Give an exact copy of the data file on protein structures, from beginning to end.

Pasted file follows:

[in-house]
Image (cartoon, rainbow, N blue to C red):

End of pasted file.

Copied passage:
[in-house]
Image (cartoon, rainbow, N blue to C red):